In the men’s mile, Scotland’s Andy Butchart ran a world-leading time of 3:54.23, becoming the #2 Scotsman of all-time for the indoor mile, behind only 2015 European Indoor Championships 1500m bronze medalist Chris O’Hare.  Following the pace set by the designated rabbit, Graham Crawford, through halfway (about 1:57), Butchart ran the second half of the race alone, stretching his lead over Ford Palmer with every stride.  He was particularly pleased with his time given that he has only done one speed workout so far this year, and that was at high altitude in Flagstaff, Ariz.

“It was fun,” Butchart told reporters.  “I enjoyed it.  Like, I’m not a miler; that’s for sure.  The last lap I was dying.”

Palmer, who represents the Hoka One One New York-New Jersey Track Club, held on for second in 3:58.78, with Chris Hatler of the University of Pennsylvania finishing third in 4:00.50.

The women’s mile went to Charlene Lipsey in a personal best 4:30.13, surging past Canada’s Kate Van Buskirk with about 120 meters to go.  That reversed the order of finish from the New Balance Games here two weeks ago where Van Buskirk ran an early world leader of 4:30.14 ahead of Lipsey’s 4:31.35.  Today, Van Buskirk faded in the second half, clocking 4:32.16.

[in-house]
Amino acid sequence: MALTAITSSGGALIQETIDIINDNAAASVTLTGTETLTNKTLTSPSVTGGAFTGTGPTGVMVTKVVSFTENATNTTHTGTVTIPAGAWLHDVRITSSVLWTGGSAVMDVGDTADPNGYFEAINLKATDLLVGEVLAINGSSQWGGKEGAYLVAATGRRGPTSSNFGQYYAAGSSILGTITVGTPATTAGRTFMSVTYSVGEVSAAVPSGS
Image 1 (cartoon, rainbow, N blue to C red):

“I’m a kicker, so last lap I kicked but she was away already,” Lipsey said of her race here two weeks ago.  “Today, was more about just taking my time, run as relaxed as possible, and just get within striking distance.”

The 3000-meter races here also produced quality times.  In the men’s contest, former University of Colorado All-American Morgan Pearson scored a convincing victory in a personal best 7:49.46.  When pacemaker Graham Crawford dropped out at 1600m, Pearson ran the rest of the race alone, trying to hold a steady 31 seconds per lap pace.

“It was awesome, it was fun,” said Pearson who claimed he was not focused on his time today.  “I just wanted to win.  That was my goal: just win, run hard and have fun.  That’s all I’ve been trying to do.”